We quite literally don’t have any other sample size. Realistically I think what we’ve seen is that productivity has increased, but then the growth of service type jobs has happened as a way of more efficiently allocating what we have.

Counter to what some people think, finance has allowed huge investment into start ups and people like lawyers have been a boom when it comes to things such as contracting.

So can these jobs continue? Perhaps, prehaps not, though I would strongly stress that even though markets in most cases are better suited towards allocation of resources then central planners there is still much theoretical room for improvement at place here.

I think we will default get diminishing returns on service sector jobs and that could possibly lead to more government type programs in the long run, but I suspect the concept of a robo take over is a little over blown.
 

Diablo21

Active member
One big thing to keep in mind also, a lot of industrial equipment such as stamping presses, robotic welding cells, CNC machines, and other things, are very capital intensive. One company I used to work for just purchased a brand new 1200 ton capacity FAGOR press, top of the line system across the board. just to buy it and get it set up, $20 million dollars. That's not factoring in the cost of steel to actually run parts, maintenance costs to keep it up and running, or the cost to build and maintain the dies that are going to be used in it, which can easily cost high six figures to upwards of $1 million by themselves.

Before a company automates, they're going to want to make sure that all the new equipment does indeed work as advertized first, so some companies are going to likely be guinea pigs in a way.

A lot of it will be the type of industry or location as well. A new build facility or s facility thats only a decade or so old could probably easily incorporate new toys fairly easily. A place that has been around 30 or 40 years, OTOH, could upgrade but it would probably take longer.

One thing I'm curious of though, what about products that may not be needed. There's an old paper mill near me, they have like 250 employees and on a given day there might be 100 or so contractors doing jobs that on site maintenance can't do for various reasons. Their big thing is newspaper print, the actual physical paper newspapers are made from. With everything being online, physical newspapers are on the way out. There really might not be a case to spend hundreds of millions automating a place that might not be in business a decade or so from now if their product is no longer needed.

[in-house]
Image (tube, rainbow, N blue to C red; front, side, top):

IndyFront

Hypershitlord
Author
I think we will default get diminishing returns on service sector jobs and that could possibly lead to more government type programs in the long run, but I suspect the concept of a robo take over is a little over blown.
That and there's no real solid evidence that being able to create a superhuman intelligent computer (when/if we ever get there) would create an exponentiation situation, or some form of "technological singularity," for all we know it could simply plateau after that. And "superhuman intelligence" probably/highly likely wouldn't be anything like a Marvel CU type situation or Terminator for that matter, it would probably be far LESS dangerous the more intelligent and civilized (because it is made by humans and would therefore learn FROM humans) it became, probably more likely to sue in court to adopt children than wage genocidal war on humanity or global takeover. These are all carnal/primitive inclinations.